The purpose of the present study was to examine how end tidal CO2 pressure (PETCO2) is controlled in impulse exercise. After pre-exercise at 25 watts for 5 min, impulse exercise for 10 sec with 200 watts followed by post exercise at 25 watts was performed. Ventilation (V̇E) significantly increased until the end of impulse exercise and significantly re-increased after a sudden decrease. Heart rate (HR) significantly increased until the end of impulse exercise and then decreased to the pre-exercise level. PETCO2 remained constant during impulse exercise. PETCO2 significantly increased momentarily after impulse exercise and then significantly decreased to the pre-exercise level. PETCO2 showed oscillation. The average peak frequency of power spectral density in PETCO2 appeared at 0.0078 Hz. Cross correlations were obtained after impulse exercise. The peak cross correlations between V̇E and PETCO2, HR and PETCO2, and V̇E and HR were 0.834 with a time delay of −7 sec, 0.813 with a time delay of 7 sec and 0.701 with a time delay of −15 sec, respectively. We demonstrated that PETCO2 homeodynamics was interactively maintained by PETCO2 itself, CO2 transportation (product of cardiac output and mixed venous CO2 content) into the lungs by heart pumping and CO2 elimination by ventilation, and it oscillates as a result of their interactions.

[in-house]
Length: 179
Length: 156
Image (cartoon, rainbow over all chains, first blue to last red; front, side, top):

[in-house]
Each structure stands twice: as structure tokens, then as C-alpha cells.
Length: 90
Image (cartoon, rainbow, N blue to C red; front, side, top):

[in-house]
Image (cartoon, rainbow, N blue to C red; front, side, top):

Afroundeh R, Arimitsu T, Yamanaka R, Lian C-S, Yunoki T, Yano T: Effect of arterial carbon dioxide on ventilation during recovery from impulse exercises of various intensities. Acta Physiol. Hung 99, 251–260 (2012)
Yano T, 'Effect of arterial carbon dioxide on ventilation during recovery from impulse exercises of various intensities' (2012) 99Acta Physiol. Hung: 251-260.
Yano TEffect of arterial carbon dioxide on ventilation during recovery from impulse exercises of various intensitiesActa Physiol. Hung201299251260)| false
Fink GR, Adams L, Watson JDG, Innes JA, Wuyamt B, Kobayashi I, Corfield DR, Murphy K, Jones TRSJ, Frackowiak RSJ, Guzt A: Hyperpnoea during and immediately after exercise in man: evidence of motor cortical involvement. J. Physiol. 489, 663–675 (1995)
Guzt A, 'Hyperpnoea during and immediately after exercise in man: evidence of motor cortical involvement' (1995) 489J. Physiol.: 663-675.
Guzt AHyperpnoea during and immediately after exercise in man: evidence of motor cortical involvementJ. Physiol.1995489663675)| false
Green AL, Wang S, Purvis S, Owen SLF, Bain PG, Stein JF, Guz A, Tipu Z, Aziz TZ, David J, Paterson DJ: Identifying cardiorespiratory neurocircuitry involved in central command during exercise in humans. J. Physiol. 578, 605–612 (2007)
Paterson DJ, 'Identifying cardiorespiratory neurocircuitry involved in central command during exercise in humans' (2007) 578J. Physiol.: 605-612.
Paterson DJIdentifying cardiorespiratory neurocircuitry involved in central command during exercise in humansJ. Physiol.2007578605612)| false
Yano T, Lian C-S, Arimitsu T, Yamanaka R, Afroundeh R, Shirakawa K, Yunoki K: Comparison of oscillation of oxygenation in skeletal muscle between early and late phases in prolonged exercise. Physiol. Res. 62, 297–304 (2013)
Yunoki K, 'Comparison of oscillation of oxygenation in skeletal muscle between early and late phases in prolonged exercise' (2013) 62Physiol. Res.: 297-304.
Yunoki KComparison of oscillation of oxygenation in skeletal muscle between early and late phases in prolonged exercisePhysiol. Res.201362297304)| false
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